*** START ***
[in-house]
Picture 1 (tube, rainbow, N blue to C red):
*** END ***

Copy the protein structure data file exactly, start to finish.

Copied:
[in-house]
Picture 1 (tube, rainbow, N blue to C red):